In early 2012, Washington state declared an epidemic for pertussis (whooping cough). Pertussis hadn’t been this bad for decades. The 2500 cases during the outbreak was more than ten times higher than the previous year.
Before routine child vaccination in the 1940s, pertussis caused thousands of fatalities annually in the U.S.
You might imagine that this is a story about anti-vaxers, afraid of a perceived vaccine-autism link, who refused to vaccinate their children and helped create this epidemic. Not this time. The anti-vaccine movement seems not to have been a factor.
Instead, the interesting angle on this story is not disease prevented by vaccine but disease prevented by prayer. Kingdom League International, an online ministry based in western Washington, said in a brief article titled “Whooping Cough Epidemic Halted in Jefferson County”:
Churches in Jefferson County [one of those hardest hit by the statewide epidemic] used our strategy to mobilize prayer and establish councils to connect in 7 spheres of society [the Dominionists’ Seven Spheres of Influence]. On Mar 27 they met and a County Commissioner asked them to pray about the whooping cough epidemic. … As of April 13 there has not been one case reported. From epidemic proportions to zero.
A bold claim, but the question is whether we can find natural explanations besides prayer to explain the facts. We can. Epidemics peak and then diminish, particularly when there’s an effective health system in place that can administer vaccines. There were 21 confirmed cases for this county in 2012, with no new cases since mid-April. Is this remarkable? Is this unexplained by the efforts of the public health system? This looks to me like an epidemic that’s simply run its course.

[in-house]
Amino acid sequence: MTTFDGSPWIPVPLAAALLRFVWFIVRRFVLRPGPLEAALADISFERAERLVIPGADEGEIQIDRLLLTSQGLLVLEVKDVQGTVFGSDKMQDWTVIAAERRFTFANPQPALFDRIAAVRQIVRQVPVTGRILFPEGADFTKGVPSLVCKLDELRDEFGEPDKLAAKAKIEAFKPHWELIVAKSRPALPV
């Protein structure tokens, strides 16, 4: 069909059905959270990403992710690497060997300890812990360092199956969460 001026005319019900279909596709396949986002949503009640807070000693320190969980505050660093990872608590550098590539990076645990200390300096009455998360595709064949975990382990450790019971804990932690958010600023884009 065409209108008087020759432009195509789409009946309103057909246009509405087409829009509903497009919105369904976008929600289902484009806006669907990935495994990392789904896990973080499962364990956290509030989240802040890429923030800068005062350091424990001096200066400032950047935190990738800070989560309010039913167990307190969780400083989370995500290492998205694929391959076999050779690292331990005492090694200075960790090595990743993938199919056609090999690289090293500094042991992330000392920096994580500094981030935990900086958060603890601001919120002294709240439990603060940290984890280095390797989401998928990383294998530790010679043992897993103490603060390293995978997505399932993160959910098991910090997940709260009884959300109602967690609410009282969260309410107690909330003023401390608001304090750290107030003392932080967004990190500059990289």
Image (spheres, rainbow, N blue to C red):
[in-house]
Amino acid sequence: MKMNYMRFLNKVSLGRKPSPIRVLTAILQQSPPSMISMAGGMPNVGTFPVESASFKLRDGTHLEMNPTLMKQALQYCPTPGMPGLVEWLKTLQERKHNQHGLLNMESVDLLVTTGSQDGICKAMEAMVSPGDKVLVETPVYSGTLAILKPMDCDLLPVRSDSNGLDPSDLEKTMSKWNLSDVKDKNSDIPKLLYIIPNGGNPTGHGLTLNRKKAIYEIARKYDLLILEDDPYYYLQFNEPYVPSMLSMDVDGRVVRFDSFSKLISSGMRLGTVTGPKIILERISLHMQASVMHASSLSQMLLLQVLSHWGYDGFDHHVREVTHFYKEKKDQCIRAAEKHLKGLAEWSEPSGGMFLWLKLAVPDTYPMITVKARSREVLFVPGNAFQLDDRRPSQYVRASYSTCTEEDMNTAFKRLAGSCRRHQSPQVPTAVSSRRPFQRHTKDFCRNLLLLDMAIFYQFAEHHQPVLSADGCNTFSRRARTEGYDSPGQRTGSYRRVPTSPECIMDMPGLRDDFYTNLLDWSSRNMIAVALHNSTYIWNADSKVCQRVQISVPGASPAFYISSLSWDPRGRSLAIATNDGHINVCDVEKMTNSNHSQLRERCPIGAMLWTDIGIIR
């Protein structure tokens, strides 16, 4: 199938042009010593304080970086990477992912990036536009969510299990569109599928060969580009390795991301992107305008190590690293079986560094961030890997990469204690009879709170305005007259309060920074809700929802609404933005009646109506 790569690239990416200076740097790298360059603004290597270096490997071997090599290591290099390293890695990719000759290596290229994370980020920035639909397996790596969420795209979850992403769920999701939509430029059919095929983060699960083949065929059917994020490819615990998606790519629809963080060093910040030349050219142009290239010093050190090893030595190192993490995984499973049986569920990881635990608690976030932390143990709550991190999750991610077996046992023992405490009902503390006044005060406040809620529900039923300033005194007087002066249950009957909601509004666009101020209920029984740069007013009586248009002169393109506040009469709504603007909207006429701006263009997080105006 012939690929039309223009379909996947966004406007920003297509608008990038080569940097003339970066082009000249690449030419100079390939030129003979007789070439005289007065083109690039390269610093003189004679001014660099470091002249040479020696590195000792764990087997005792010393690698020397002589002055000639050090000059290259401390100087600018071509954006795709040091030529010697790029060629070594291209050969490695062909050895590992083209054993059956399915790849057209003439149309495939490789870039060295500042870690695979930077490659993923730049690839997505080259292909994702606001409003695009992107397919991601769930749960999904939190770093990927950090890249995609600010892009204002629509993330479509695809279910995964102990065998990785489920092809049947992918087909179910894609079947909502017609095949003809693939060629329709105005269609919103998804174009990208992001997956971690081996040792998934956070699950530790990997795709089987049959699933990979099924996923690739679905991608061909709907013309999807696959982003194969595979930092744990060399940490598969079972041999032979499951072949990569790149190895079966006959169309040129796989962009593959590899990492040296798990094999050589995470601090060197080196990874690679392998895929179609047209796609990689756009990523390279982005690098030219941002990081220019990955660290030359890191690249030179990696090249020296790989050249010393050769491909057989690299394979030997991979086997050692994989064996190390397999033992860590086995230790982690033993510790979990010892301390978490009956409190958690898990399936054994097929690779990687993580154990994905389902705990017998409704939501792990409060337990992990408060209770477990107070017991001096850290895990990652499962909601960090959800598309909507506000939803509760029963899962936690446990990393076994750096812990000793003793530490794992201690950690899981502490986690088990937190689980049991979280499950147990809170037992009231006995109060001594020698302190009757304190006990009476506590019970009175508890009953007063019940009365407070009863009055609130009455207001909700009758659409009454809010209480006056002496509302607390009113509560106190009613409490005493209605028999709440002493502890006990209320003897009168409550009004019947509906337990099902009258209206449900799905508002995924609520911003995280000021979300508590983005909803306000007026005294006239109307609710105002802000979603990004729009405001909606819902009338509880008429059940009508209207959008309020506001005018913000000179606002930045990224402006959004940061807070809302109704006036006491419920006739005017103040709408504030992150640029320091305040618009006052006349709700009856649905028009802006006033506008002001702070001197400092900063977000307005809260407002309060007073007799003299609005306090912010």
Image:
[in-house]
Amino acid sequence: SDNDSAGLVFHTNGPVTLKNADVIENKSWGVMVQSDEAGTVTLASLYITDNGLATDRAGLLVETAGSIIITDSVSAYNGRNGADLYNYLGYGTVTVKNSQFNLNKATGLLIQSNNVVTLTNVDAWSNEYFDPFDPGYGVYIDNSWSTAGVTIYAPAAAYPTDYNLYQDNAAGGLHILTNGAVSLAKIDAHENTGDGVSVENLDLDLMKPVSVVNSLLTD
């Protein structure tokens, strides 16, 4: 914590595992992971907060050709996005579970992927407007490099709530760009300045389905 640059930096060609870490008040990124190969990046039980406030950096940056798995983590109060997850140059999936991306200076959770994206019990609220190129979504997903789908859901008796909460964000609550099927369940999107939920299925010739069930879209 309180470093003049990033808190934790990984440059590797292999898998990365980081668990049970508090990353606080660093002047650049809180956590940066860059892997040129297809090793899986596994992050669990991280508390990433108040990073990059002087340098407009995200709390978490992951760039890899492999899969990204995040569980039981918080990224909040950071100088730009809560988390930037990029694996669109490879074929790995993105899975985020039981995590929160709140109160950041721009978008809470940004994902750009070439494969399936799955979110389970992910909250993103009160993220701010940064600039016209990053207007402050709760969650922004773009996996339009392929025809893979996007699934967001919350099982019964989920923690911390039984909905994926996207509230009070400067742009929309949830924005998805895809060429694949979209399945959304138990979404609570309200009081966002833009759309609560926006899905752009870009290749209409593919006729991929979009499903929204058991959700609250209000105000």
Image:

I jumped into a discussion with the author in the comment section. Aside from being quickly asked my faith status (though I’m not sure how this affects one’s ability to evaluate evidence), I got the expected tsunami of miracle claims—a bad knee healed, a barren woman now pregnant, lung cancer cured, demons cast out, blindness healed, a stroke patient recovering, a rainstorm to break a heat wave, a cracked rib healed, and so on.
(For comparison, consider the pinnacle of medical cure sites, Lourdes. After 150 years as a pilgrimage site and with six million visitors per year, the Catholic Church has recognized just 67 miraculous cures.)
I pointed out to my Kingdom League correspondent that natural explanations hadn’t been ruled out. Surprisingly, he had no interest in doing so.
I tried to portray this as a missed opportunity. If any of the many healing claims were more than just anecdotal, this group should create a dossier of x-rays, test results, photographs, or other evidence, both before and after the miracle. Add the report of the doctor who witnessed the change and then show this to the Centers for Disease Control or an epidemiologist or some other qualified authority. Why hide your light under a basket? Jesus had no problem using miracles to prove his divinity.
There seems to be no shortage of these miracles (at least in their minds), so if one miracle claim isn’t convincing, then pray for some more and try again to convince the skeptics.
That this group has no interest in going beyond feel-good anecdotes makes me think that they understand that their claims wouldn’t withstand scrutiny, not because skeptics wouldn’t play fair, but because honestly evaluating the claims would show them to be little more than wishful thinking. Their purpose in celebrating these “answers to prayer” isn’t in convincing others but convincing themselves.
Pray v. To ask the laws of the universe to be annulled
on behalf of a single petitioner confessedly unworthy.
— Ambrose Bierce, The Devil’s Dictionary
(This is an update of a post that originally appeared 5/31/12.)
Photo credit: AJC1